I recently did a Saturday class for 3rd - 6th grades and as part of the class we did the mentos/pop experiment.  Having done this experiment many times I expected typical results.  However, we did not get typical results.  In fact, every bottle of pop, and there were 8 of them, were duds.  The pop barely reached 1 foot above the nozzle.  After the first bottle I was a bit surprised, but just figured something was going on with just that bottle.  Nope.  Same result for all 8 bottles!

So why the big difference?  I'm not entirely sure, but I came up with a few possibilities.

1.  The pop was flat.  A possibility, although unlikely since I purchased the pop that week and bought different varieties.

2.  The mentos candy was bad.  Again, a possibility, but I just purchased the mentos that week.  There's no reason to suspect a candy malfunction.  Plus the mentos tasted fine.

3.  It was very cold out.  I'm not convinced this was the cause, but it's the most likely possibility I came up with.  After buying the pop I left the bottles in the trunk of my car.  Although my car was sitting in the garage, the temperature dropped to the upper 30's/lower 40's in the garage.  The trunk of the car was sitting close to the garage door.  With no time for the pop to warm to room temperature, the pop was still cold when we did the experiment.

Was cold pop the problem?  I don't know, but it's the one difference between this attempt and previous attempts.  Usually I do this in the summer and/or fall/spring with kids.  I've never done this experiment when temperatures were this low.  So that's my hypothesis.  Future tests are needed for confirmation.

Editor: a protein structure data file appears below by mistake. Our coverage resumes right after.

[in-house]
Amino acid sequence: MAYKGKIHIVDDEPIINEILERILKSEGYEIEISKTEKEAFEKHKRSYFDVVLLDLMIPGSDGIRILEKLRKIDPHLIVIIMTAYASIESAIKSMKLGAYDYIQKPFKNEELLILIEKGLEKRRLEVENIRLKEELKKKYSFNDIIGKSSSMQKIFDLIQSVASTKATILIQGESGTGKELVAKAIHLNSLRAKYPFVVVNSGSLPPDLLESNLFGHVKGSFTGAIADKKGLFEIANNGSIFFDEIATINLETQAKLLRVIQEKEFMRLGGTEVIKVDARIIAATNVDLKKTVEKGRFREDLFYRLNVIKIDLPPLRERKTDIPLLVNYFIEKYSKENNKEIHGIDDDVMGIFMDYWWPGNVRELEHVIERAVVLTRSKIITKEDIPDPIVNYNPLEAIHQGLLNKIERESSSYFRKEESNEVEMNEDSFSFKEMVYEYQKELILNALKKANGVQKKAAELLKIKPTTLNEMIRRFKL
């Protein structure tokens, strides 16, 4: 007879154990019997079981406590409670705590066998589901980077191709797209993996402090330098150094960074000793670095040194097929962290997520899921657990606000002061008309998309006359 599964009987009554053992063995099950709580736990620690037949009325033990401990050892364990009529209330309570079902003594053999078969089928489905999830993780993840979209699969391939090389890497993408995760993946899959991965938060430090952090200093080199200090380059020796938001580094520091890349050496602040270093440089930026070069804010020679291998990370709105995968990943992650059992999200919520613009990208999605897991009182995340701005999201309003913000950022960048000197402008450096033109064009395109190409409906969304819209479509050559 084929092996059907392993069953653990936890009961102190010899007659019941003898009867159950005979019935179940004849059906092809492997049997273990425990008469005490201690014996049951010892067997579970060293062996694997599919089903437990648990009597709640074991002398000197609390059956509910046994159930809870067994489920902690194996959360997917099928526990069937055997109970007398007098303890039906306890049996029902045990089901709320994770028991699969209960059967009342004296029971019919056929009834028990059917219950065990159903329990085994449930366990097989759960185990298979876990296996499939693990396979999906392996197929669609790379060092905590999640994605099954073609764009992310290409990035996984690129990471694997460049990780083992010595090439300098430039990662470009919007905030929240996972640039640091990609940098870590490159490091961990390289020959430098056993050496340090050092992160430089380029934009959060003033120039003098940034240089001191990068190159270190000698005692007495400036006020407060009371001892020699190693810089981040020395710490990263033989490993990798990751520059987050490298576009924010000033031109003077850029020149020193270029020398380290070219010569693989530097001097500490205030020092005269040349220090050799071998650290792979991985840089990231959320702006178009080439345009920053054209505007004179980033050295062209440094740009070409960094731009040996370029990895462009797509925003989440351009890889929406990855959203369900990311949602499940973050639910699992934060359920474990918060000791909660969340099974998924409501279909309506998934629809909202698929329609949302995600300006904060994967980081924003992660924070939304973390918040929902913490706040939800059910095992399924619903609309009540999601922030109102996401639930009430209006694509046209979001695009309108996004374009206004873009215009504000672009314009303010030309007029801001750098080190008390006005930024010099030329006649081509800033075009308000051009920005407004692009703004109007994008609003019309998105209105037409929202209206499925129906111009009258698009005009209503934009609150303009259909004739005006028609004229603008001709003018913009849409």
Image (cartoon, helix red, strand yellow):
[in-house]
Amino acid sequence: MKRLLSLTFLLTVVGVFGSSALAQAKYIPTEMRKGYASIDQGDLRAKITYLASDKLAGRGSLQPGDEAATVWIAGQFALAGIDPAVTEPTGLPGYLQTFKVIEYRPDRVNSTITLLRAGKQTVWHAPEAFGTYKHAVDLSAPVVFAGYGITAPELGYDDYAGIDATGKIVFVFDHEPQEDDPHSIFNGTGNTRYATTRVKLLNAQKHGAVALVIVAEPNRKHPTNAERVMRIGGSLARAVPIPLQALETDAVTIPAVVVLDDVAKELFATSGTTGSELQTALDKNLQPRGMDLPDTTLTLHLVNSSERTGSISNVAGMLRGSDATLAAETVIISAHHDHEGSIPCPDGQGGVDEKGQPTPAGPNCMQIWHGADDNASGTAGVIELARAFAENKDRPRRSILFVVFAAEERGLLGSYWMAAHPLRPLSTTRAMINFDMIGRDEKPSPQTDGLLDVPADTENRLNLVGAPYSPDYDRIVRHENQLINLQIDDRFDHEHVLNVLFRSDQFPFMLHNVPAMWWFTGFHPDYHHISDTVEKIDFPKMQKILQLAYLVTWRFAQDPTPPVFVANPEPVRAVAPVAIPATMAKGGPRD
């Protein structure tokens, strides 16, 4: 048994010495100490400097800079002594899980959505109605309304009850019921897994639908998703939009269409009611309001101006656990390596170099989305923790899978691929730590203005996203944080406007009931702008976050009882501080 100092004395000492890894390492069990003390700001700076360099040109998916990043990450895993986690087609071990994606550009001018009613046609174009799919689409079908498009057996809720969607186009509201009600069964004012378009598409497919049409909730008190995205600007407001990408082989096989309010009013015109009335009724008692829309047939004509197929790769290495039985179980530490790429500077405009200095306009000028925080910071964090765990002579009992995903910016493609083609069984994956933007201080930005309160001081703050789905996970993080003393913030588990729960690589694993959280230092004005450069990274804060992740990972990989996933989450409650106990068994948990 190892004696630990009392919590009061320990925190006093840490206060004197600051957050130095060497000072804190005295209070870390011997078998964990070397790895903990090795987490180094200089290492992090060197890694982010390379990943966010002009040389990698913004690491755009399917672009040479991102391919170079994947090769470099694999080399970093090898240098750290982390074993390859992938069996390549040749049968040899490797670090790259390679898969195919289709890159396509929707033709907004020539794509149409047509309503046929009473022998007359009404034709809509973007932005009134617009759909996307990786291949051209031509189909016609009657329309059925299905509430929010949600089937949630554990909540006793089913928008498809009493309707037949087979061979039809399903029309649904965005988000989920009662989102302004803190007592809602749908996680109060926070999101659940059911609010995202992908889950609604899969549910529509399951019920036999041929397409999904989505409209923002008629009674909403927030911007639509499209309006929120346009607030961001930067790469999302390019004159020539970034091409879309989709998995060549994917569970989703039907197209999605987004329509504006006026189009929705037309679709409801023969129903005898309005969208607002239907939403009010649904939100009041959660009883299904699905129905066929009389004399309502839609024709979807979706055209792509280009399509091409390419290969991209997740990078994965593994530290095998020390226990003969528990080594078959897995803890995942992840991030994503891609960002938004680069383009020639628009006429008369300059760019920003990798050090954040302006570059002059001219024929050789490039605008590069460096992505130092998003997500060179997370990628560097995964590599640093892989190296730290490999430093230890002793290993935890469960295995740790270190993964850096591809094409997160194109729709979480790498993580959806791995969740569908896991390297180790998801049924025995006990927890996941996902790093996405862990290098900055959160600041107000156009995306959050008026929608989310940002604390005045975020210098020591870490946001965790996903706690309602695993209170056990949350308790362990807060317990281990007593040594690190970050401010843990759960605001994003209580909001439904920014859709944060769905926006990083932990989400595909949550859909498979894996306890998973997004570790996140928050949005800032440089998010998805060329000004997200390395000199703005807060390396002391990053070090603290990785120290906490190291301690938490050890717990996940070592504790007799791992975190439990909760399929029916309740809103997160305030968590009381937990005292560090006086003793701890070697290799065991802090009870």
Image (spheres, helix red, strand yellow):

Friday, December 13, 2013

This Blog's History: The Bouncy Egg Experiment

In today's This Blog's History I bring back a classic egg experiment that can be done with materials that are most likely in your kitchen.  Needed are the following materials.


That's it!  Fill a jar of vinegar and drop the egg in.  Wait three days, then very carefully remove the egg.  The egg feels very 'rubbery' and will bounce if dropped from small heights.  For full details and pictures, see the original post at:

The Bouncy Egg

This is a great indoor activity that will excite your kids!

Thursday, December 12, 2013

Elf on the Shelf

This year we decided to start the Elf on a Shelf holiday tradition.  We have several friends who do this with their kids and our kids keep asking about it, so we decided to do it ourselves.  So far so good.  If you're not familiar with Elf on a Shelf, check out the following link.


We started by reading the book and learning about the history of the elf.  Then starting the morning of December 1, my wife and I hid the elf in the house.  The goal is to hide the elf each night or have the elf doing something for the kids to find.  I'm pretty sure my 6 year old understands the elf isn't real, but my 3 year old probably thinks the elf is real and moves by itself (in the same way she thinks Santa is real).